Gerrit Dou: Master Painter in the Age of Rembrandt
Artist in His Studio
The composition owes an unmistakable debt to Rembrandt's A Young Painter in His Studio. The monochromatic palette enlivened by a swath of greenish blue, the unmodulated application of paint, and the strong chiaroscuro are common to both paintings. Dou's artist, like Rembrandt's, holds palette and brushes, while the easel faces away from the viewer. Neither Dou nor Rembrandt depicts a particular individual but offers a generic representation of "The Painter."
Differences in the two masters' compositions are indicative of their contrasting approaches to art. Rembrandt dramatizes his scene by focusing on a few essential compositional elements, while Dou includes numerous objects to enrich the pictorial effect. Rembrandt's painter -- his face in shadow -- is dwarfed by a looming easel that dominates an otherwise barely furnished space. Dou lavishes equal attention on the painter, who gazes directly at the viewer, and the still-life components, offering a convincing and beautiful rendering of an abundance of surfaces and materials.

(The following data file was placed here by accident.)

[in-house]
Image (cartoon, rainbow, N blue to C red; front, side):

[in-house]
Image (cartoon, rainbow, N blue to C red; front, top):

The sitter in this painting has been identified as Rembrandt or Dou, but his features bear no resemblance to either.
Dou's composition is filled with objects, some simply studio props. However, many of the objects depicted -- the globe, the plaster cast, the skull, the lute, the books, the sword -- were traditionally associated with the idea of vanitas, the ephemerality of life. Dou may have included these symbols of transience within his composition to contrast with the artist's achievements, which are lasting.